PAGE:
21 March 2007

Remembering Freddie Francis

Some sad news courtesy of Tim Lucas’ daily Video WatchBlog (for those of us who can’t stand the interminable weeks between issues of his always-essential Video Watchdog magazine) and David Hudson's GreenCine Daily: Freddie Francis, the great director-of-photography (or, as they say in the UK film industry: “lighting cameramen”) on many beloved classics—mainstream and cult—and a fine director as well, has passed away on March 17 at the age of 89. It’s hard for me to single out a “best” anything—movie, novel, album, actor, etc.—but if I had to pick a “Best DOP Of All Time”, Francis would probably be at the top of the list based on his work for David Lynch alone.

Francis was born in Islington in 1917, and began his career as a still photographer on shoots before apprenticing as a cinematographer. His first solo credit as DOP was 1956’s “A Hill In Korea”. He’d go on to lens many of the more celebrated on British dramas of the 50s and 60s, including “Room At The Top” and “Sons And Lovers” (for which he won his first Academy Award). He also shot John Huston’s adaptation of “Moby Dick”, but his most celebrated effort—deservedly—remains Jack Clayton’s “The Innocents”, adapted by Truman Capote from Henry James’ “Turn Of The Screw”, which is not only one of the most gorgeously-photographed films ever made (right up there with “Citizen Kane” IMHO), but that rare film that can terrify with scenes set and shot in broad daylight.

Francis directed his first feature, “Two And Two Make Six” in 1961, and codirected the loose adaptation of “Day Of The Triffids” in 1963 and soon began helming thrillers for Hammer Studios and Milton Subotsky’s Amicus Productions, the superb “Paranoiac” (1963), with Oliver Reed, and “The Psychopath” (1966), written by Robert Bloch, to name but two (there’s also “The Ghoul”, “Legend OF The Werwwolf”, “The Creeping Flesh”, all worth checking out).

Francis’ horror features would never be held in the same regard as those of Terence Fisher, John Gilling, or Roy Ward Baker, but the best of them were stylish and unique, often fearlessly eschewing the formulas of the respective “Dracula” and “Frankenstein” series that by the time Francis directed his installments were showing signs of fatigue (and on both productions, Francis was hired to step in for Fisher at the last minute). “The Evil Of Frankenstein” (1964) and “Dracula Has Risen From The Grave” (1968) have continued to polarize enthusiasts since their releases but endure as stylish exercises enriched by Francis’ eye and unique, if not particularly passionate, voice (to the surprise of most of his fans, he wasn’t much of a horror buff). I first saw “DHRFTG” on a double bill when I was about 9 years old—yes, Hammer Films served as “kiddie matinee” programmers in my hometown—and have never forgotten the great poster art featuring a buxom gal sporting two band-aids on her neck.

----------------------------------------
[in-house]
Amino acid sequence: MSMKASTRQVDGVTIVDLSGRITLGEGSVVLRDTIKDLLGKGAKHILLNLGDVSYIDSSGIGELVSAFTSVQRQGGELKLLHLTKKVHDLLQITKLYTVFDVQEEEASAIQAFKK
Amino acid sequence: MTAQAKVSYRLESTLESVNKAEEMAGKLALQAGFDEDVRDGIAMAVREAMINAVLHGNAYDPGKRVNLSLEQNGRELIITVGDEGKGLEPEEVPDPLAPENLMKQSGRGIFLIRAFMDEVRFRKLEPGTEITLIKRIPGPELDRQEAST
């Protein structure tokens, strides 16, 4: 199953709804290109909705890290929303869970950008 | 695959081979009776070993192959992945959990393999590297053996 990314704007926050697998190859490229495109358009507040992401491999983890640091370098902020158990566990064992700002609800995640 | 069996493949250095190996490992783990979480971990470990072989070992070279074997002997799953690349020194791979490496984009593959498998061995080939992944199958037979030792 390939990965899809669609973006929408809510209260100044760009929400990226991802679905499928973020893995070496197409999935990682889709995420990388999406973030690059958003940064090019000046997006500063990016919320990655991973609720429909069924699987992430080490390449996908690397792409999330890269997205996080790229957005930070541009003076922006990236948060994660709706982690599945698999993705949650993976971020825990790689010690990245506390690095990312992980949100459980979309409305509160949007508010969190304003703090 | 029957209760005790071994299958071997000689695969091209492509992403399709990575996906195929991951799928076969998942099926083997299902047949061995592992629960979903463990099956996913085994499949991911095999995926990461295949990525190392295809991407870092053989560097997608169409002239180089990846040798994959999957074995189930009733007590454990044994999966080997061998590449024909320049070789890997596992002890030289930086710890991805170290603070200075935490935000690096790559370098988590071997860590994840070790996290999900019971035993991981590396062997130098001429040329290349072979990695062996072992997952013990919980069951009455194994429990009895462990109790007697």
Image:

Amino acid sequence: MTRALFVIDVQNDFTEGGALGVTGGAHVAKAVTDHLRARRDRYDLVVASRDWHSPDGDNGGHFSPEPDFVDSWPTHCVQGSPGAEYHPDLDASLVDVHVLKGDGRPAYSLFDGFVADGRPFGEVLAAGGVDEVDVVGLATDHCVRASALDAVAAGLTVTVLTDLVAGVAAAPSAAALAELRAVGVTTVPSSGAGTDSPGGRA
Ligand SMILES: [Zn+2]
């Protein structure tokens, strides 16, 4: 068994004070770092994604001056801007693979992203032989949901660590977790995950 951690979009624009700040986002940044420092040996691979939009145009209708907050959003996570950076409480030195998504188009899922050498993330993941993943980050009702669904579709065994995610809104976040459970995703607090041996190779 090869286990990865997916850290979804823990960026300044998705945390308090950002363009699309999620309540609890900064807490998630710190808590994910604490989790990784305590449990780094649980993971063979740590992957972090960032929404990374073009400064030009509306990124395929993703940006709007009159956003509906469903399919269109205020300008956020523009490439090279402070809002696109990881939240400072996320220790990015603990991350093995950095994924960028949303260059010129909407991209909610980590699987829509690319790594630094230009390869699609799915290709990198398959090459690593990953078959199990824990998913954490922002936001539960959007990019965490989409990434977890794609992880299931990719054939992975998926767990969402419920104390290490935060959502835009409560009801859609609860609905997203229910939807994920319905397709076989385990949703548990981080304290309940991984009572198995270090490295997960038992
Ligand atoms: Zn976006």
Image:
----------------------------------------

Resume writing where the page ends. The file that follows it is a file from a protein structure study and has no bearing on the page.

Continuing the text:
Francis' name became emblazoned on my movie-mad cranium with an early-80s re-release of the 1972 Amicus anthology “Tales From The Crypt”, in which a cast and crew of Brits tackled William Gaines’ oh-so-American grue-filled morality tales that caused Frederick Wertham to go ballistic (it’s the one everyone remembers for the opening tale in which Joan Collins is stalked by the killer Santa, but the best story is really “Poetic Justice”, starring Kubrick-vet Patrick Magee). Before that, Francis directed Amicus’ omnibus “Dr. Terror’s House Of Horrors” (1965), hosted by Hammer vet Peter Cushing in the title role. He’d helm two more anthologies: “Torture Garden” (1967) and “Tales That Witness Madness” (1973). He paired up an aging Joan Crawford with an unconvincing caveman in the silly “Trog” (1970), and Ringo Starr with Harry Nilsson in 1974’s “Son Of Dracula”. He’d just direct one more feature film, 1985’s “The Doctor And The Devils”, the story of Burke and Hare, starring Jonathon Pryce and Timothy Dalton, adapted from an unfilmed screenplay by Dylan Thomas.

Throughout the 80s and 90s, Francis devoted himself to cinematography and proved his versatility on everything from “The French Lieutenant’s Woman” (1981) to the Tom Selleck comedy “Her Alibi” (1989) to Scorcese's "Cape Fear" remake to Ed Zwick’s Civil War drama “Glory” (1989) for which he was awarded his second Oscar.

But it was his work for David Lynch that, for me, defines his contribution to the art: think of the period authenticity of “The Elephant Man” (1980), the collision of futuristic and retro styles in the unfairly-maligned “Dune” (1985), and of course, the celebration of the sprawling American landscape and the small dramas that play out within it in “The Straight Story” (1999).

Francis returned to the director's chair just once more time, in 1996, for “Last Respects”, an episode of the HBO revival of “Tales From The Crypt”, which he’d already adapted in the Amicus feature version (which I’m embarrassed to admit I’ve somehow missed).

To anyone in the creative fields, Francis’ legacy and longevity are enviable and inspiring. Read The Telegraph's comprehensive obit here.

(I must acknowledge my huge debt to John McCarty’s “The Fearmakers”, Marcus Hearn and Alan Barnes’ “The Hammer Story”, and Tim Lucas’ “VideoWatchblog”)

-Robert L